First-time spa-goers are often surprised at how delicious dieting can be . . . when the freshest ingredients are prepared by an artful chef at Canyon Ranch.
Then you fly back home to New York and your friends, beckoning you to boozy, decadent dinners at the city's restaurants, where a busy kitchen can go through 40 pounds of butter in an evening. What's changed lately is that many New York chefs offer healthy, beautiful dishes on their menus. We didn't count the calories of the following meals, but trust us: Order any of them on a night out and you'll be plenty gratified, and still feel good about yourself in the morning.
| Guilt-free: Nonfat tofu cheesecake at SX 137.
137 Essex Street
The reason to trek to this funky spot is the rye-crust cheesecake made with nonfat tofu cream cheese. It's seasoned with nutmeg, bound with agar, the vegan staple, splashed with maple syrup, and topped with berries and strawberry purée ($8).
239 East 5th Street
Tofu, made onsite, is so fresh that it has a custardy consistency. It's topped with tangy green mitsuba and steamed sea urchin, at once sweet and briny, and splashed with a soy-seafood broth ($8.50).
409 West 14th Street
It may not satisfy your carb cravings, but the "risotto," made of cauliflower, broccoli, and potato, is vastly more interesting than a plate of steamed vegetables. The ingredients are finely cubed, sautéed with shallots in a teaspoon of olive oil, and seasoned with salt, cayenne, and a caper-and-raisin sauce ($55 prix fixe).
| Health food: Wild-mushroom dumplings at Mi.
66 Madison Avenue
The dumpling concept enlightened: Wanton skins are filled with shiitakes, chanterelles, morels, and oyster mushrooms lightly marinated in garlic, thyme, and a touch of olive oil. Then they're chopped with shallots, ginger, Chinese mustard cabbage, and cellophane noodles, flavored with soy, and steamed ($9).
149 East 49th Street, in W Hotel
Sometimes there's nothing better than fresh vegetables prepared simply. The seasonal Greenmarket plate includes roasted asparagus, squash, parsnips, spinach, kale, and corn, with a sauce made from grilled red peppers and sherry vinegar ($18).
| Nothing fishy: Brick-oven-roasted pompano at Bella Blu.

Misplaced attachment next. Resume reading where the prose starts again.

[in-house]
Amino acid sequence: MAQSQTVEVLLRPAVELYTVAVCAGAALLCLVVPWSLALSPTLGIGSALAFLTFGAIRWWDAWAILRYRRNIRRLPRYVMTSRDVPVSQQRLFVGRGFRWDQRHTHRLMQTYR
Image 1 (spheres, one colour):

967 Lexington Avenue
Whole pompano is brushed with rosemary, then brick-oven-roasted, leaving it charred on the outside but still moist inside. It's served with roasted artichokes and fingerling potatoes ($32).
Midtown Business Meal
141 East 48th Street
Octopus appetizer is oven-roasted first to tenderize it, then charred until slightly crisp and tossed with red-wine vinegar, olive oil, red onion, roasted peppers, dill, oregano, and capers ($13.95). Follow this with any of the Mediterranean fish offered daily, glistening on a bed of ice.
57 East 57th Street, in the Four Seasons Hotel
Part of the hotel's Alternative Cuisine menu, a large bell pepper is stuffed with textured vegetable protein, spinach, and mushrooms; topped with bread crumbs; seared, then baked in the oven; and served with chanterelles, arugula, and a roasted vegetable demi-glace ($26).
| Light on rice: Madame Butterfly roll at Japonica.
100 University Place
Most maki rolls contain mounds of sugary rice and only slivers of protein. But at Japonica, the fish far outweighs the rice. The Madame Butterfly roll is made with a thick cut of lean tuna, cucumber, and a touch of avocado, wrapped in seaweed, rolled in a modest layer of rice, and wrapped again in pansies ($12.50). Pair the roll with asparagus oshitashi in a virtually fat-free ponzu-mustard vinaigrette ($9).
155 West 51st Street
Le Bernardin offers that wonderful rarity, a guilt-free four-star meal. John Dory, a white fish native to New Zealand, is pan-roasted and topped with mango relish, then placed on a bed of jasmine-coriander rice. All of this floats on a lemongrass-ginger oxtail consommé ($79 prix fixe).
Surf and Turf
Blue Water Grill
31 Union Square West
Chilean sea bass is generally to be avoided because it's so fatty, but here it's lightly smoked, then ginger-soy "lacquered" and grilled to form a crisp outer layer. Once cooked, the fish is splashed with wasabi vinaigrette and served with chinese broccoli and sticky rice ($20.50).
Morton's of Chicago
551 Fifth Avenue
Your carnivore pals may actually envy you your char-broiled swordfish steak ($27.95). For a side, order the baked, hollowed-out potato skins ($5.50).
Upper East Side Bistro
160 East 64th Street
Jean Georges Vongerichten, famous for replacing butter- and cream-based sauces with juices and infused oils, serves an appetizer of shrimp dusted in dried orange zest and sautéed in olive oil. The shrimp is distributed around a salad of arugula and braised artichokes and then tossed in lemon juice and a dash of basil oil ($14).